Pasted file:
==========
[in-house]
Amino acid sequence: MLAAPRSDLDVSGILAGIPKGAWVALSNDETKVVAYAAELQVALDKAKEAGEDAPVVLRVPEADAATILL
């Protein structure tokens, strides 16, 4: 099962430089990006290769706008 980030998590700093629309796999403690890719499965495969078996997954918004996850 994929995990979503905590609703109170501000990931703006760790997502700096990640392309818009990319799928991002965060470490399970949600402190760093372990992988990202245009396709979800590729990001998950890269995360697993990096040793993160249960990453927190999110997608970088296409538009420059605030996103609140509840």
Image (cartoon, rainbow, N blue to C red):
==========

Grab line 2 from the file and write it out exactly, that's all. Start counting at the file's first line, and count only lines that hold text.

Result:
Amino acid sequence: MLAAPRSDLDVSGILAGIPKGAWVALSNDETKVVAYAAELQVALDKAKEAGEDAPVVLRVPEADAATILL